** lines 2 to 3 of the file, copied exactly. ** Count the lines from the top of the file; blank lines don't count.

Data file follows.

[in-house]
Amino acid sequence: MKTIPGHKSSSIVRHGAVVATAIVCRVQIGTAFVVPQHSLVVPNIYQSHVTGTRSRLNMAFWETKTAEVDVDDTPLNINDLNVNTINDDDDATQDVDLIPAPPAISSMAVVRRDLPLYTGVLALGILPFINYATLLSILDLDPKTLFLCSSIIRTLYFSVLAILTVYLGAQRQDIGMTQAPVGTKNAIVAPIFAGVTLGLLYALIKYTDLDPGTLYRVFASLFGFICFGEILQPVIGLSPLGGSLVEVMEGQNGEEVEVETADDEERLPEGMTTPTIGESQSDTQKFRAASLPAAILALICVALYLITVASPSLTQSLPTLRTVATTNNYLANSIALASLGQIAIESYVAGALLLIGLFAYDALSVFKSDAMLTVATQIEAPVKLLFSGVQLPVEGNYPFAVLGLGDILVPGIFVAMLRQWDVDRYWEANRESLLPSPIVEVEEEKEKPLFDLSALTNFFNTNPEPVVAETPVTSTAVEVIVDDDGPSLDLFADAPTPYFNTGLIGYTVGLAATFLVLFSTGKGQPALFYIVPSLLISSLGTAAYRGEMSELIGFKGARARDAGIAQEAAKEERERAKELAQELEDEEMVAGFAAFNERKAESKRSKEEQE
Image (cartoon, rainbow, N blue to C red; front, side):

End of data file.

Amino acid sequence: MKTIPGHKSSSIVRHGAVVATAIVCRVQIGTAFVVPQHSLVVPNIYQSHVTGTRSRLNMAFWETKTAEVDVDDTPLNINDLNVNTINDDDDATQDVDLIPAPPAISSMAVVRRDLPLYTGVLALGILPFINYATLLSILDLDPKTLFLCSSIIRTLYFSVLAILTVYLGAQRQDIGMTQAPVGTKNAIVAPIFAGVTLGLLYALIKYTDLDPGTLYRVFASLFGFICFGEILQPVIGLSPLGGSLVEVMEGQNGEEVEVETADDEERLPEGMTTPTIGESQSDTQKFRAASLPAAILALICVALYLITVASPSLTQSLPTLRTVATTNNYLANSIALASLGQIAIESYVAGALLLIGLFAYDALSVFKSDAMLTVATQIEAPVKLLFSGVQLPVEGNYPFAVLGLGDILVPGIFVAMLRQWDVDRYWEANRESLLPSPIVEVEEEKEKPLFDLSALTNFFNTNPEPVVAETPVTSTAVEVIVDDDGPSLDLFADAPTPYFNTGLIGYTVGLAATFLVLFSTGKGQPALFYIVPSLLISSLGTAAYRGEMSELIGFKGARARDAGIAQEAAKEERERAKELAQELEDEEMVAGFAAFNERKAESKRSKEEQE
Image (cartoon, rainbow, N blue to C red; front, side):